Tonsillectomy – Advice Sheet for Parents

Patient Experience

  • Reference Number: HEY1077/2022
  • Departments: Day Surgery (DSU), Paediatrics
  • Last Updated: 1 October 2022


This advice sheet has been produced to give information and advice to parents of children having had a tonsillectomy. It is not meant to replace discussion between you and your doctor.  If after reading it, you require further explanation please discuss this with the relevant person who has been caring for you.

Your Child’s Consultant is _________________________

Surgery performed by ____________________________

Should you need any further help or advice, please telephone:

Ward 34 (Acorn Ward) women and Children’s Hospital

Telephone (01482) 382609 or 382679

School / Nursery

Your child can return to school after TWO weeks. If you feel your child needs a little longer to recover we are happy for you to use your own judgement.

Pain relief

You will need to give pain relief medication to your child for the next 5 ~ 7 days. We recommend paracetamol syrup and Ibuprofen syrup.  (Ibuprofen may not be suitable for asthmatics).  The doctor may prescript your child with another pain relief medication to be given over the first few days after surgery. Pain from this operation can be most intense around 5 days after surgery and earache is not uncommon.

Eating and Drinking

It is VERY important for your child to eat ‘normal food’.

Nothing too sharp like crisps, also nothing too soft such as jellies and ice cream (except as an additional treat) Chewing and swallowing helps healing.

Toast and cereals are often favourites to start with.

After your child’s operation

Your child will need to stay in the unit for a minimum of 6 hours.  If there is no evidence of bleeding at this stage and your child has eaten they can be discharged home.

2 adults must be with your child during the recovery period for their safety.  If bleeding occurs you must be able to get immediately to the Children’s Emergency department.

Bleeding and other complications are more likely in children who have not had adequate pain relief medication and have not been encouraged to eat properly.  These problems can occur as late as 7 – 10 days after surgery.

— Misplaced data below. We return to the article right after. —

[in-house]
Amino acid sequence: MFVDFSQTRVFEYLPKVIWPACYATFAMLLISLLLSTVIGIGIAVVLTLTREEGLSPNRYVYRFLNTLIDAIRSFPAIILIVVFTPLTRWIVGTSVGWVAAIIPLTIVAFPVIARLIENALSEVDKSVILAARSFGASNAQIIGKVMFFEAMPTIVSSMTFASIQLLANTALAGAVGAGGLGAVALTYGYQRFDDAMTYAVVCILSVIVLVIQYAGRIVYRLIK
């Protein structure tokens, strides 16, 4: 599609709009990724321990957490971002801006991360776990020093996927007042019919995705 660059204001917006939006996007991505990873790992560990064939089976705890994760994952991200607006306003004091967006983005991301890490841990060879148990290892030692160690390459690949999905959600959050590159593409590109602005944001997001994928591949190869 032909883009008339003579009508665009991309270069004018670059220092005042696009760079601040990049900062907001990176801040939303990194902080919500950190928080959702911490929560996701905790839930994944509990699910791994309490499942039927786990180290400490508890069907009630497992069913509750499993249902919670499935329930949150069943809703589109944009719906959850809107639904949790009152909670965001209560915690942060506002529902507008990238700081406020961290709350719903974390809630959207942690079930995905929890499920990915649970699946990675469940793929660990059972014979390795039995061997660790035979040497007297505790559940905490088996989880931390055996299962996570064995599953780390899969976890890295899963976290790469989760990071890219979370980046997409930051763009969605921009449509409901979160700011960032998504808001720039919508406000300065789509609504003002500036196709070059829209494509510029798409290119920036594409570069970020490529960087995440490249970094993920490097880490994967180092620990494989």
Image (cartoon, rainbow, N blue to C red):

It is helpful to give some pain relief medication 30 – 40 minute before a meal as this will help ease the discomfort from eating.

  • Your child’s breath may smell for a few days, this is normal.
  • Provide plenty of water or juice drinks and encourage your child to brush their teeth at least twice a day.
  • Keep your child indoors for the first 3 – 4 days
  • Keep your child away from smoky and dusty atmospheres
  • Keep your child away from anyone suffering from coughs and colds for the first two weeks

You should call the Ward if:

  • Your child is having a lot of pain and the given pain relief medication does not seem to help.
  • If your child’s temperature is raised and paracetamol / ibuprofen does not bring it down.  Or you are unsure if their temperature is up or not.
  • If there is bleeding from the nose or mouth attend the children’s Emergency department immediately.
  • If your child vomits black or reddy / brown vomit more than once.

Information about your child

We collect and use your child’s information to provide your child with care and treatment.  As part of your child’s care, your child’s information will be shared between members of the healthcare team, some of whom you may not meet.  Your child’s information may also be used to help train staff, to check the quality of our care, to manage and plan the health service and to help with research.  Wherever possible we use anonymous data.

We may pass on relevant information to other health or social organisations that provide your child with care.  All information is treated as strictly confidential and is not given to anyone who does not need it.  If you have any concerns please ask your doctor, or the person caring for your child.

Under the General Data Protection Regulation and the Data Protection Act 2018 we are responsible for maintaining the confidentiality of any information we hold about your child. For further information visit the following page: Confidential Information about You.

If you or your child’s carer needs information about your child’s health and well-being and about your child’s care and treatment in a different format, such as large print, braille or audio, due to disability, impairment or sensory loss, please advise a member of staff and this can be arranged.

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